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Blast from the Past! – Young Adult books from the 80’s & 90’s

July 25, 2012
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I followed a friend’s link to this blog that lists tons of Young Adult books from the 80’s & 90’s. It was like remembering old friends and I actually added a few of my own aren’t on the list. Also, it is really hard to remember which ones were books I actually read and which I just saw the movies. Here are the ones I remember reading:

Sheila Tubman sometimes wonders who she really is: the outgoing, witty, and capable Sheila the Great, or the secret Sheila, who’s afraid of the dark, spiders, swimming, and dogs. When her family spends the summer in Tarrytown, Sheila has to face some of her worst fears. Not only does a dog come with the rented house, but her parents expect Sheila to take swimming lessons! Sheila does her best to pretend she’s an expert at everything, but she knows she isn’t fooling her new best friend, Mouse Ellis, who happens to be a crackerjack swimmer and a dog lover. What will it take for Sheila to admit to the Tarrytown kids — and to herself — that she’s only human?

I really have no clue why I read this book as many times as I did because Sheila bugged me as much then she would now. Oh no! The HORROR of not being the BEST at everything!! What to do?! 

More than anything in the world, Andrew wants freckles. His classmate Nicky has freckles — they cover his face, his ears, and the whole back of his neck. (Once sitting behind him in class, Andrew counted eighty-six of them, and that was just a start!  One day after school, Andrew screws up enough courage to ask Nicky where he got his freckles. And, as luck would have it, who should overhear him but giggling, teasing Sharon. Sharon offers Andrew her secret freckle juice recipe — for fifty cents. That’s a lot of money to Andrew — five whole weeks allowance! He spends a sleepless night, torn between his desire for freckles and his reluctance to part with such a substantial sum of money. Finally, the freckles win, and Andrew decides to accept Sharon’s offer.   After school, Andrew rushes home (with the recipe tucked into his shoe for safekeeping). He carefully begins to mix the strange combination of ingredients — and immediately runs into some unforeseen problems.

He WANTS freckles all over his neck and face?! Not exactly fashion forward, is he? 

Dear Mr. Henshaw,

I wish somebody would stop stealing the good stuff out of my lunchbag. I guess I wish a lot of other things, too. I wish someday Dad and Bandit would pull up in front in the rig … Dad would yell out of the cab, “Come on, Leigh. Hop in and I’ll give you a lift to school.”

Leigh Botts has been author Boyd Henshaw’s number one fan ever since he was in second grade. Now in sixth grade, Leigh lives with his mother and is the new kid at school. He’s lonely, troubled by the absence of his father, a cross-country trucker, and angry because a mysterious thief steals from his lunchbag. Then Leigh’s teacher assigns a letter-writing project. Naturally Leigh chooses to write to Mr. Henshaw, whose surprising answer changes Leigh’s life.

This was assigned reading for the class. All I remember was that it was about a boy who starts writing in a diary at the suggestion of his favorite author. That and something about his mom being grateful for him having straight teeth so he didn’t need braces. I don’t remember the stolen lunch bag bit, but obviously he could have benefited from these:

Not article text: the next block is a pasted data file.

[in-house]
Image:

Breaking up is hard to do. Kat McDonough has a problem. His name is Brent Tucker. Even after she caught him kissing another girl at the Turnaround Formal, Kat still finds Brent irresistible. And things keep getting more & more complicated. First, Brent showers her with flowers. Then Kat’s friend Gabe threatens to cancel their super-successful KHOT radio program. Kat’s best friend, Miranda, may have her doubts about Bret, but she’s sure about one thing. She’s in love with Jackson, so much in love that she dropped Eric, her football-player boyfriend, in the process. Meanwhile Chip has invited outcast Leanne to Jojo’s party of the year. And Eric is bringing a surprise date of your own.

I snagged this book from my cousin Kim’s collection. She had the whole series. Why did I snag #2? I don’t know, but OMG! I was obsessed with this book and couldn’t wait to visit Kim & family again so I could read the others! Except that I never did. I’m not sure if I’d just forgotten about this book by the time we visited again or if we really just didn’t visit again while Kim still lived with her parents.  I’ve always wondered what happened in that series.  I could read them remainder of the series now, but I’ve found that my tolerance for teenage angst is non-existent. I slip immediately into mockery. 

Roald Dahl was a champion of the underdog and all things little—in this case, an orphaned boy oppressed by two nasty, self-centered aunts. How James escapes his miserable life with the horrible aunts and becomes a hero is a Dahlicious fantasy of the highest order. You will never forget resourceful little James and his new family of magically overgrown insects—a ladybug, a spider, a grasshopper, a glowworm, a silkworm, and the chronic complainer, a centipede with a hundred gorgeous shoes. Their adventures aboard a luscious peach as large as a house take them across the Atlantic Ocean, through waters infested with peach-eating sharks and skies inhabited by malevolent Cloudmen, to a ticker-tape parade in New York City. This happily ever after contemporary fairy tale is a twentieth-century classic that every child deserves to know. And Lane Smith’s endearingly funny illustrations are a perfect match for the text.

I hate to argue with the publisher,  but I did in fact forget little James and his family of overgrown insects. The only thing that stuck with me was that their solution to food problem (eating the peach) wasn’t in itself a problem (generally eating your residence is discouraged) because the peach was SOOO big. It always felt like a cop out.